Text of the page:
Frank Vandenbroucke is a Flemish academic and former politician of the Socialistische Partij Anders [SP.a]. He studied at the Katholieke Universiteit of Leuven [KUL], where he gained both undergraduate and postgraduate degrees in economics, before completing an MPhil in economics at Cambridge University in 1982. It was also in England that he later received his D.Phil (from Oxford University’s Faculty of Social Studies in 1999), with a thesis on ethical economies, entitled Social Justice and Individual Ethics in an Open Society: Equality, Responsibility, and Incentives (Springer Publications, 2001).
Between his MPhil and his DPhil, Vandenbroucke worked as a research assistant at the KUL’s Centre for Economic Studies (1978–80) and in the Socialist Party’s research department, the SEVI (1982–85). And, it was in the Socialist Party that he undertook a successful political career, holding a variety of government positions, before devoting himself to academia in 2011.
Frank Vandenbroucke was elected to the Belgian Chamber of People’s Representatives for the first time in 1985 and was re-elected in 1987, 1991 and 1995, becoming the SP’s chairman and holding the positions of Deputy Prime Minister, Minister of Foreign Affairs, Minister of Social Affairs and Pensions and Minister for Employment and Pensions. Vandenbroucke has also worked in the regional Flemish Government, where held the positions of Vice-Minister-President and Minister for Work, Education and Training.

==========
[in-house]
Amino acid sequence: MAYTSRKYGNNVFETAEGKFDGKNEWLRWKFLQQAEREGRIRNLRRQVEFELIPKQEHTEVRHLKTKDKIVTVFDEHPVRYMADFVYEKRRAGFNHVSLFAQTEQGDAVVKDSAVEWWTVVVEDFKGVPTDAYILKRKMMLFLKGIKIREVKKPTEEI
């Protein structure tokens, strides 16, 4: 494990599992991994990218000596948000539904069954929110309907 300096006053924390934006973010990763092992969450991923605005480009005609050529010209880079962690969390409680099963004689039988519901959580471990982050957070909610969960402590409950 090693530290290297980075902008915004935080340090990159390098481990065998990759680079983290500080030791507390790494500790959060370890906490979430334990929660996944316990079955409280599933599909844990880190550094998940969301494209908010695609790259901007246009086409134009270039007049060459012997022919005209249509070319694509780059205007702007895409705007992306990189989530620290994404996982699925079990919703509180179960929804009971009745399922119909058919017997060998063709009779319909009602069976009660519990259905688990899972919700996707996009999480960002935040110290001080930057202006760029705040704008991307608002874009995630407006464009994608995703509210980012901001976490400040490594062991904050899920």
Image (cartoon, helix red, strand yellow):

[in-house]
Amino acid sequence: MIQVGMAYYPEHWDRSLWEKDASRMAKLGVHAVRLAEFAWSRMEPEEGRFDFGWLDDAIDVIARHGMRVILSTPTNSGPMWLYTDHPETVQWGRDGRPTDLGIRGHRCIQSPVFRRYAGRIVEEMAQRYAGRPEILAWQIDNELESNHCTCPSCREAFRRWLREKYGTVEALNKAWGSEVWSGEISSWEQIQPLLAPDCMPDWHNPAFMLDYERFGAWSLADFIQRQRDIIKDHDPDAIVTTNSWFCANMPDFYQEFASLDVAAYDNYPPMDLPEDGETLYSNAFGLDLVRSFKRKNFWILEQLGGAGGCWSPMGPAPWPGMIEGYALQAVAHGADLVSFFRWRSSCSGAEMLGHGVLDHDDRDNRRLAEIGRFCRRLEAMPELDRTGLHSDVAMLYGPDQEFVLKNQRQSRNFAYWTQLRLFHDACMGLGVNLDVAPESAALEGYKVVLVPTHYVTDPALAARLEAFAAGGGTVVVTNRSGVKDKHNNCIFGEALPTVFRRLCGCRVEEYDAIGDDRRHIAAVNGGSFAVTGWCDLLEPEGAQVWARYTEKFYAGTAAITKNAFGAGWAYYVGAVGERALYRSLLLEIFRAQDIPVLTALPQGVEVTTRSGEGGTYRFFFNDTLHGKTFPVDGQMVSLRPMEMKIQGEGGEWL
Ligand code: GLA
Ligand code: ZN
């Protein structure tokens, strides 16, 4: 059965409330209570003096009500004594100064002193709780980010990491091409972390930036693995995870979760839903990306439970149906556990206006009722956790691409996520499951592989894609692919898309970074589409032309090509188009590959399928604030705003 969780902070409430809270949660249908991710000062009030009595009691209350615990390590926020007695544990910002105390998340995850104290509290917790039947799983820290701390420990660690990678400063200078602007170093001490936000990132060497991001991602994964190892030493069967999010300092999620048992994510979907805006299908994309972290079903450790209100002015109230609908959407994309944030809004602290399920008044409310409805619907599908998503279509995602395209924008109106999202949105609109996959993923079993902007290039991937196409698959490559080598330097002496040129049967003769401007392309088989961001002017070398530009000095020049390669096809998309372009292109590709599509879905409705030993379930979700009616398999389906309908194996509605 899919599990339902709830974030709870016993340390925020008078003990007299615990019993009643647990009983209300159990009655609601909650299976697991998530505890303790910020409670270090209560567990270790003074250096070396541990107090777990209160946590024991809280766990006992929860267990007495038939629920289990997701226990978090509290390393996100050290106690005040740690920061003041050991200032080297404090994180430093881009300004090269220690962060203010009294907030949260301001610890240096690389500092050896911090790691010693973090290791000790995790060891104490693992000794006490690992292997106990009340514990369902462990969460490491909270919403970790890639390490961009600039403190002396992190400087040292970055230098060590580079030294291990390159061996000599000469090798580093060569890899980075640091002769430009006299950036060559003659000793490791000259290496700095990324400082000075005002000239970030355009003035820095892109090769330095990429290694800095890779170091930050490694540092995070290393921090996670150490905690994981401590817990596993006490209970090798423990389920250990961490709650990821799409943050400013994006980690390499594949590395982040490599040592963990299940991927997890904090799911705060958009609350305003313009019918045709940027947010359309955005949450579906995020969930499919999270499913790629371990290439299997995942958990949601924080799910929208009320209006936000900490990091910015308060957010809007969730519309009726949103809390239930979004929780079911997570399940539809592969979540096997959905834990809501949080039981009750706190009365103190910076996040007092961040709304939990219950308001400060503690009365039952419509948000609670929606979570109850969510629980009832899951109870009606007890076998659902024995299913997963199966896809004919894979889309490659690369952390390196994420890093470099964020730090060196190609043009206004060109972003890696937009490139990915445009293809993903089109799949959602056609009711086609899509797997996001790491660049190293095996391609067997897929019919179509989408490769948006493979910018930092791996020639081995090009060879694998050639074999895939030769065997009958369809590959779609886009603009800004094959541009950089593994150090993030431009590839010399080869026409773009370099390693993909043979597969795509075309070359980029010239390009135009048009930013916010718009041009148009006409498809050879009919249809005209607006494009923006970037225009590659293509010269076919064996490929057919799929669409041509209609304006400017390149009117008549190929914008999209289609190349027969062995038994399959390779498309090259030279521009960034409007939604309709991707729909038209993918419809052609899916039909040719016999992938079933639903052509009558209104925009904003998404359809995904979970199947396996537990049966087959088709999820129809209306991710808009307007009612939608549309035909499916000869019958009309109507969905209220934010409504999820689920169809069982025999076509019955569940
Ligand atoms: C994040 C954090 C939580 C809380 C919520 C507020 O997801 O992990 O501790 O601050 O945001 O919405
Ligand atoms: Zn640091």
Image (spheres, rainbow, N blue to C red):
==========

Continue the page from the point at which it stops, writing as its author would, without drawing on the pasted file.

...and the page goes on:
Since 2009, he has held a number of academic positions at the University of Antwerp (Professor of Social Economic Analysis), the KUL and the University of Amsterdam (Den Uyl Chair Professor in the Faculty of Social and Behavioural Sciences). Frank Vandenbroucke’s academic interests focus on social systems and welfare policies and he has worked within the EU for the introduction of social policies, for example, for the provision of a stronger legal basis for welfare policies within the Lisbon Treaty. Frank Vandenbroucke is also active on a Belgian committee for the reform of national pension policy, advising the country’s finance ministers on how to improve the Belgian pension system going forward.
Information valid as sping 2016.